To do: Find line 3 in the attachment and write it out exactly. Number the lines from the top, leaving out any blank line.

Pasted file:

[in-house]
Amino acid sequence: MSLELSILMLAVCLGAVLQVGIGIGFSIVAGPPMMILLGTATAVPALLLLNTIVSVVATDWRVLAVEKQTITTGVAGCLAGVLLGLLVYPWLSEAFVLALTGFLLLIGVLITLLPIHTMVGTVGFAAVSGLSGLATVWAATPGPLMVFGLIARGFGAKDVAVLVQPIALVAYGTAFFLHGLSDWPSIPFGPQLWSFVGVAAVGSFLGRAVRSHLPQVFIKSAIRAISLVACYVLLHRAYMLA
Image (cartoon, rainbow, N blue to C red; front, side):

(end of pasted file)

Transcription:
Image (cartoon, rainbow, N blue to C red; front, side):